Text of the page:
The reading from 1 Kings – ‘ask what I should give you’; verse 9, ‘give your servant therefore an understanding mind, able to discern between good and evil’; verse 13, ‘I give you also what you have not asked, both riches and honour all your life’; verse 14, ‘if you will walk in my ways, then I will lengthen your life’. Remember this is a reading before Christ, before the Eucharist, before the church: the revolution of faith is already glimpsed. Here is the word - the divine utterance is heard and the word is echoed, just as later on it will be more fully revealed in the incarnation. An orientation towards life that is not bounded by the years of this world, a life that is gifted, and life that is made full when it listens to the divine – ‘ask what I should give you’; a life that is full when it receives from the divine. And that receiving, as it is pointed out in the reading, is not for yourself, but for the people of God, knowing ourselves as ‘in the midst of the people whom you have chosen’. And the interesting thing that’s also picked up in that reading is the riches and honour that so many of us spend so much investing in, that becomes just a by-product of our orientation in truth toward the divine. The giftedness of life, the giftedness of life in the reading from 1 Kings reiterates the giftedness of life in Genesis. The interesting thing is that the orthodox view of the gift in Genesis has turned it into the fall of humankind. ‘Give to your servant an ability to discern between good and evil’. Remember the story of the apple? That was also about discerning between good and evil. It’s as if in Kings, in the inauguration speech of King Solomon, there’s a deeper understanding that this is actually about life.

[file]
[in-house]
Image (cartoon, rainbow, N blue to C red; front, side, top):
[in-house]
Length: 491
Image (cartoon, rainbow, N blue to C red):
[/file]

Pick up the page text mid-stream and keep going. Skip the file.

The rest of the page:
The second reading – we’re still reading Paul’s letter to the Ephesians - and again there’s a huge leap made which is why we have the psalm in the middle, to help us make that leap. We’re now moving from before Christ to after Christ, and Paul is speaking in light of the incarnation, providing a summary, almost I think of that same understanding. Verses 11, 14 and 21, Paul says, ‘Take no part in the unfruitful works of darkness but instead expose them, for everything that becomes visible is light’; ‘rise from the dead and Christ will shine on you’; ‘be subject to one another out of reverence for Christ’. ‘Rise from the dead and Christ will shine on you’: life and gift, live and give. In our baptism we acknowledge our part in this same truth: ‘Shine as a light in the world to the glory of God’ - it’s just the other way round. ‘Rise from the dead and Christ will shine on you’, ‘Shine as a light in the world to the glory of God’: we are given life in Christ so that we may give life in Christ, and that perhaps is the divine activity of the creator.